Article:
That new North American Soccer League survived (mostly thanks to the still-implausible presence of Pele and Beckenbauer on the New York Cosmos) until 1984, when only two of the league’s 24 teams expressed an interest in playing the following season. The league collapsed, falling victim to its own greed and over-expansion.
Not much happened for a while after that, with indoor/arena soccer going through an inexplicable renaissance and the golden age of basketball dominating the media. In 1988, though, the USSF agreed to create a top-tier professional league in exchange for hosting the 1994 World Cup. And that’s how Major League Soccer was born.
How is the professional soccer pyramid structured now?
Believe it or not, that history only explains the very top tier of men’s professional soccer here. But the antagonism has been repeated time and time again, for decades, at all levels of professional and semi-professional soccer in the States. The 1990s saw many leagues and associations aspire to greatness. Most crumbled, or were absorbed, or faded into obscurity.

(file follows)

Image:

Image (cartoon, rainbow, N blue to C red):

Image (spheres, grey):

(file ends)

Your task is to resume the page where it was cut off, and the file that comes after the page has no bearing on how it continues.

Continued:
Only with the birth of the United Soccer League (USL) has any vaguely clear-cut structure existed beneath the highest level. Even that has taken time. Now, though, the pathway to professional soccer is at least simple enough to be represented in a graphic.
In 2017, the USL Championship and USL League One were officially USSF-sanctioned as professional divisions — the second and third, respectively, beneath MLS. Everything else is technically semi-professional, and remains something of a hot mess: the National Independent Soccer Association, National Premier Soccer League, United Premier Soccer League and a handful others all operate in murky, undesignated waters. But the USL umbrella offers some strand of consistency to the soccer pyramid, and has made soccer both more accessible and more popular nationwide, all while providing opportunities for players to extend their careers beyond the collegiate level.